The government remains resolute in its aim to end the furlough scheme next month, despite the Unite union now joining calls for it to be extended.
As we enter the autumn months and are starting to see a rise in COVID-19 cases, many questions are being asked over what the next couple of weeks will mean for the UK. For example, could we see a second lockdown, something the government has been desperate to avoid ever since the original lockdown started to be lifted earlier in the summer? Whilst we wait for more clarity, one thing seems to remain certain; the Job Retention Scheme, instrumental in helping to maintain jobs throughout the coronavirus pandemic, comes to an end on 31 October.
Now the Unite union is warning of a ‘miserable Christmas’ for workers if the furlough scheme is ended as planned. They are calling for a ‘clear and urgent sign’ from the government that it is considering, and will respond to, continued calls to extend the scheme in some shape or form. This only forms part of the growing fear that the winter of 2020, already a year that has seen much hardship for the UK workforce, will see substantial numbers of people losing their jobs if further action is not taken.
Unite’s fears have been shared by many over recent weeks, with the industry group CBI, and Labour leader Kier Starmer, calling for a replacement to the furlough scheme to avoid a ‘cliff edge’ scenario next month. Interestingly, however, not all seem to share this call, with James Reed, chairman of the recruitment firm Reed, instead arguing the country should ‘move on’ from the scheme and that people should be allowed to ‘learn new skills and begin searching for a new employer’.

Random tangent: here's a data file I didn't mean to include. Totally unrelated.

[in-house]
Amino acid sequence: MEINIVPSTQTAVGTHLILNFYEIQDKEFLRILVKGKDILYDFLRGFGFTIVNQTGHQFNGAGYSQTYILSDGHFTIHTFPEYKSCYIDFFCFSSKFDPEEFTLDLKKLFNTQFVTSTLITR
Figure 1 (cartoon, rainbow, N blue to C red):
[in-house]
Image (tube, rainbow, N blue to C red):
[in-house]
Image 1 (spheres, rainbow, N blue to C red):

There is no doubt that the Job Retention Scheme has been a substantially expensive venture, having costed £35bn thus far and still being significantly used across the UK by organisations. Despite numerous calls to extend it, and indeed other European countries such as France and Spain having already prolonged their own coronavirus business assistance schemes, there is still no word from the government that this will happen. When asked this question last week, the prime minister remained adamant that furlough will end next month in its entirety.
As organisations now face the very real prospect of losing the support of the Job Retention Scheme, it is crucial they start to plan ahead. Whilst redundancies may seem like an obvious solution to saving costs, they should consider if taking such an action is the only option. If it is, they should remember the rules surrounding a fair redundancy procedure and make sure they are fully familiar with what they need to do.